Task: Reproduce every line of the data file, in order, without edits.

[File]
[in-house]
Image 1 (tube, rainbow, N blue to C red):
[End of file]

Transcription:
[in-house]
Image 1 (tube, rainbow, N blue to C red):